Acquia Expands Global Footprint, in Support of Open-Source Content Platform Drupal

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Barry Levine avatar

Acquia is expanding globally in its support of the open-source web content platform, Drupal. The Burlington, Massachusetts-based company said the expansion means it is the first Drupal hosting provider offering high-performance hosting on four continents -- Europe, North America, Asia and Australia.

In Sydney, Australia, Acquia will open an office to cover the Asia Pacific region. The office will have staff for business development, sales, cloud operations and tech support for that region. Additionally, two new cloud deployment options will be added to Amazon Web Services’ (AWS) data centers in Singapore and Australia, in support of the company's Acquia Cloud product line.

Founded in 2007

Acquia was founded in 2007, and its co-founder and current Chief Technology Officer is the original creator and project lead of the Drupal platform, Dries Buytaert. Acquia offers commercial products and services in support of the open source content management and community platform, which is currently utilized on over a million sites, including WhiteHouse.gov, the World Economic Forum, Stanford University and Examiner.com.

Chris Harrop, the company’s Asia Pacific Regional Director, said in a statement that the company is currently “working closely with more than 60 digital agency partners” in the region to employ Drupal for websites, mobile devices and social media.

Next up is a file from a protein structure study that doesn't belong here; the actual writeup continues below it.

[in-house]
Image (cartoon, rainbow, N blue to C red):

The company also noted that there has been “exponential growth” in Drupal adoption as a web platform in North America and Europe, resulting in more than 2000 clients there.

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Built on AWS ECC

Acquia said that its cloud-based hosting service, which relies exclusively on the AWS Elastic Compute Cloud, offers improved site performance to customers, as well as lower operational costs and the ability to quickly and efficiently scale up or down to accommodate changes in web traffic. As an example, Acquia cited men’s magazine Maxim.

When a new CTO joined Maxim last year, Acquia said he discovered that the existing content management system lacked agility, creating a bottleneck in the publishers’ ability to quickly deliver unique advertising packages for the web site.

Maxim also was unable to accommodate spikes in traffic, which were sometimes driven by particularly popular issues. Acquia said that the cloud-based Drupal was able to decrease Maxim’s hosting cost by an estimated 60 percent, as well as increase its operational flexibility.